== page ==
A mother whose son survived the sinking of the Costa Concordia, now faces fresh worry with her daughter among the passengers stranded on the Costa Allegra, the cruise liner that was cast adrift on the Indian Ocean on 27 February, more than 200 miles from the Seychelles.
Jayne Thomas did not believe disaster could strike twice and has had no news from daughter Rebecca, who was working on the Costa Allegra as a dancer, since the incident.
Although she said she feels more at ease now the vessel is being towed to safety, she explained she never thought she would be in a similar position to that of a couple of weeks ago, when news came through that the Costa Concordia, the ship her 19-year-old son was working on, had capsized.
"Of all the ships that are sailing in the ocean, the two that have come into difficulties in the last few weeks have been the two that my children were on," she told the BBC, from her home in Sutton Coldfield.
"I didn't think anything like this could happen again to my daughter.
"I thought it was a one-off and we wouldn't be going through this experience again. I really didn't think disaster could strike twice.
Mrs Thomas said she had tried emailing her daughter but, because of the loss of power on board the liner, she had not heard anything since a message before the fire.
"We have no information at all other than what's coming through on the television and press," she said.
"We can do nothing apart from wait, and just wait for information to be relayed to us."
Even though her 19-year-old son James was still recovering from the mental trauma he sustained when the ill-fated Concordia ran aground in the Mediterranean last month, she said she did not feel any ill will towards Costa Cruises, the company that owns both the Concordia and the Allegra.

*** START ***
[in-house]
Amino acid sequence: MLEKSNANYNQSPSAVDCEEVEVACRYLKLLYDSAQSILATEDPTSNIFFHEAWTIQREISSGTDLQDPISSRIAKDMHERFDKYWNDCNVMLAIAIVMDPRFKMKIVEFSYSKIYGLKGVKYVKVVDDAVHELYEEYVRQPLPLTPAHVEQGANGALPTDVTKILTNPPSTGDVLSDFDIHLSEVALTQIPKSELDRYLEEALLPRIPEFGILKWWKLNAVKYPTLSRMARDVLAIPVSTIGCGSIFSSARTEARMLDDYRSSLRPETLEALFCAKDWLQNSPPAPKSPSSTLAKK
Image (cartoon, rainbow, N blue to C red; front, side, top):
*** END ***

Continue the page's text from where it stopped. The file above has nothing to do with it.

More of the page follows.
"I have no feelings towards the company," she said. "I think it's just a twist of fate that they've both been involved in two such unfortunate incidents."
Mrs Thomas said her daughter joined the Costa Allegra last May and was due to stay on until July.
The ship was making its way back to Europe, having spent three months in the Indian Ocean when the blaze broke out.
She said James had no wish to return to working on cruise ships since the Concordia disaster, when the ship struck rocks off the west coast of Italy on 13 January. The death toll currently stands at 25, with the number expected to rise to 32.
James Thomas, who was working n the Costa Concordia when it capsized.
"He's fine physically," she said. "Mentally, it's taken its toll.
"He doesn't want to get back on a ship any time soon even though he has been offered further contracts with cruise company.
"Unfortunately, he's had to turn them down because he doesn't feel ready to get back on a ship."
She said she would not try to advise or persuade either of her children against getting back on cruise ships but would leave the decision up to them.
She added: "I'm not sure about Rebecca. We'll find out about her experience when she gets home.”
"Hopefully, they will fly home very soon and she'll make a decision about whether she rejoins the ship or not."
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